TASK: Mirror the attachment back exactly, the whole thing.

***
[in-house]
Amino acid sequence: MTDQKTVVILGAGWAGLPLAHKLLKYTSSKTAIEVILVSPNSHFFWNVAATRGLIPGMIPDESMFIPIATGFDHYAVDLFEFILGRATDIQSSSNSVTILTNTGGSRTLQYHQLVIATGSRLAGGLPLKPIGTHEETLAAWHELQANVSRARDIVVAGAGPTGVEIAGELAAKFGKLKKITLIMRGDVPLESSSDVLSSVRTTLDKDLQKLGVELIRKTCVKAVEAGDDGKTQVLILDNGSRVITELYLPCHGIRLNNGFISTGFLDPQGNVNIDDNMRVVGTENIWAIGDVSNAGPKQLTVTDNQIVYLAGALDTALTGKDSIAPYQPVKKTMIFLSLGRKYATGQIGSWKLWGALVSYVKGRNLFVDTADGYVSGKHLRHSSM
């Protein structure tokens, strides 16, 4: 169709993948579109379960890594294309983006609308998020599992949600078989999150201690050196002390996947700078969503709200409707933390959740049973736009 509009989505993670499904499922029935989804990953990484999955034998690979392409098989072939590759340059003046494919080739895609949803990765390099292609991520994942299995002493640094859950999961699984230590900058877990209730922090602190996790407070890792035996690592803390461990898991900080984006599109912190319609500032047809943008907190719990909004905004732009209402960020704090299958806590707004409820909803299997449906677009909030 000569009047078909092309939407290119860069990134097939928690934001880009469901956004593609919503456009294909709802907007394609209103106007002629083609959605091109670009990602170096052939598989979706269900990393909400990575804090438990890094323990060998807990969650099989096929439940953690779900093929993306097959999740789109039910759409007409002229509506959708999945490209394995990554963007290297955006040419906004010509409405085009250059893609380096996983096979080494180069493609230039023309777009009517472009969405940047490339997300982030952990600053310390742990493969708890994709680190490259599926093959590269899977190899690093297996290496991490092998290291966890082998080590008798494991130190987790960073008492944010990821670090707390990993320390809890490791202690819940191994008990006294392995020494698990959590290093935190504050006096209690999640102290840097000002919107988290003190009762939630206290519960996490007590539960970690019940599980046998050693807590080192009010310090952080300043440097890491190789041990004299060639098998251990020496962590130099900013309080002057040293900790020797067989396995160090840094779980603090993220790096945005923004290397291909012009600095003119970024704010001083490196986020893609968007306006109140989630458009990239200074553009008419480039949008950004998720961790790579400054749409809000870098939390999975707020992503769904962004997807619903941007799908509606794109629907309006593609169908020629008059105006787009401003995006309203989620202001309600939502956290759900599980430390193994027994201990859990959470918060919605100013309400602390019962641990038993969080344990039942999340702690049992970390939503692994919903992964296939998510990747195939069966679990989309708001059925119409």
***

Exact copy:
[in-house]
Amino acid sequence: MTDQKTVVILGAGWAGLPLAHKLLKYTSSKTAIEVILVSPNSHFFWNVAATRGLIPGMIPDESMFIPIATGFDHYAVDLFEFILGRATDIQSSSNSVTILTNTGGSRTLQYHQLVIATGSRLAGGLPLKPIGTHEETLAAWHELQANVSRARDIVVAGAGPTGVEIAGELAAKFGKLKKITLIMRGDVPLESSSDVLSSVRTTLDKDLQKLGVELIRKTCVKAVEAGDDGKTQVLILDNGSRVITELYLPCHGIRLNNGFISTGFLDPQGNVNIDDNMRVVGTENIWAIGDVSNAGPKQLTVTDNQIVYLAGALDTALTGKDSIAPYQPVKKTMIFLSLGRKYATGQIGSWKLWGALVSYVKGRNLFVDTADGYVSGKHLRHSSM
């Protein structure tokens, strides 16, 4: 169709993948579109379960890594294309983006609308998020599992949600078989999150201690050196002390996947700078969503709200409707933390959740049973736009 509009989505993670499904499922029935989804990953990484999955034998690979392409098989072939590759340059003046494919080739895609949803990765390099292609991520994942299995002493640094859950999961699984230590900058877990209730922090602190996790407070890792035996690592803390461990898991900080984006599109912190319609500032047809943008907190719990909004905004732009209402960020704090299958806590707004409820909803299997449906677009909030 000569009047078909092309939407290119860069990134097939928690934001880009469901956004593609919503456009294909709802907007394609209103106007002629083609959605091109670009990602170096052939598989979706269900990393909400990575804090438990890094323990060998807990969650099989096929439940953690779900093929993306097959999740789109039910759409007409002229509506959708999945490209394995990554963007290297955006040419906004010509409405085009250059893609380096996983096979080494180069493609230039023309777009009517472009969405940047490339997300982030952990600053310390742990493969708890994709680190490259599926093959590269899977190899690093297996290496991490092998290291966890082998080590008798494991130190987790960073008492944010990821670090707390990993320390809890490791202690819940191994008990006294392995020494698990959590290093935190504050006096209690999640102290840097000002919107988290003190009762939630206290519960996490007590539960970690019940599980046998050693807590080192009010310090952080300043440097890491190789041990004299060639098998251990020496962590130099900013309080002057040293900790020797067989396995160090840094779980603090993220790096945005923004290397291909012009600095003119970024704010001083490196986020893609968007306006109140989630458009990239200074553009008419480039949008950004998720961790790579400054749409809000870098939390999975707020992503769904962004997807619903941007799908509606794109629907309006593609169908020629008059105006787009401003995006309203989620202001309600939502956290759900599980430390193994027994201990859990959470918060919605100013309400602390019962641990038993969080344990039942999340702690049992970390939503692994919903992964296939998510990747195939069966679990989309708001059925119409």